Brazil’s current account deficit was wider than analysts expected last month, as a trade surplus wasn’t large enough to offset a deficit in international travel and machinery rental.
The deficit in the current account, the broadest measure of trade in goods and services, narrowed in March to $5.7 billion from a revised $7.1 billion a month earlier, the central bank said in a report distributed Wednesday in Brasilia. The median estimate from 18 economists surveyed by Bloomberg was for a gap of $4.9 billion. The bank used new methodology in the balance of payments report.
President Dilma Rousseff’s government is struggling to sell its fiscal-austerity measures to Congress as it strives to stave off a credit-rating downgrade and boost investor confidence. Economists surveyed weekly by the central bank forecast the measures will lead a contraction in gross domestic product before the economy bounces back in 2016.
Swap rates on the contract due in January 2017, the most traded in Sao Paulo on Wednesday, fell one basis point, or 0.01 percentage point, to 13.32 percent at 10:55 a.m. local time. The real was little changed at 3.0311 per U.S. dollar and has dropped 12 this year.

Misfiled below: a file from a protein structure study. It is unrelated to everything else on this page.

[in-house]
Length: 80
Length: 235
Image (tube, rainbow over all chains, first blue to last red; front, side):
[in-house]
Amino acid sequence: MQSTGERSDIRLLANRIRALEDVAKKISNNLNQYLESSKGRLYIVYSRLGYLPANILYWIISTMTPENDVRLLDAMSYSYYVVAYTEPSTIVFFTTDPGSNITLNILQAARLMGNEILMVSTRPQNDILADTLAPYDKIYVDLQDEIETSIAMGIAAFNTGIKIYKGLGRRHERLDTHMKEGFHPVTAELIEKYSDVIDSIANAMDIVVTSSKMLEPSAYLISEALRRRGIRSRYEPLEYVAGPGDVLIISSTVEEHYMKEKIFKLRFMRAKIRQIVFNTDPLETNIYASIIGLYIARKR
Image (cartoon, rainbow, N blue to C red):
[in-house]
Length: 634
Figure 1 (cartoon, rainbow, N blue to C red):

Foreign direct investment in March rose to $4.3 billion from February’s revised $3.1 billion with the new methodology. The median estimate from 14 economists surveyed by Bloomberg was for FDI of $3.6 billion.
Brazil in March posted a trade surplus of $230 million, while showing a $2.7 billion deficit in machinery rental and a $1 billion gap in international travel.
Latin America’s largest economy will shrink 1 percent this year after expanding just 0.1 percent in 2014, according to analysts surveyed weekly by the central bank. The contraction, the worst in a quarter century, will be followed by 1 percent growth in 2016, according to the survey.
Brazil’s economic slowdown hasn’t contained inflation, which accelerated to 8.22 percent in the year through mid-April from 7.9 percent the prior month. The central bank targets consumer price increases of 4.5 percent, plus or minus two percentage points.
Policy makers have raised the benchmark interest rate in four straight meetings in a bid to tame inflation.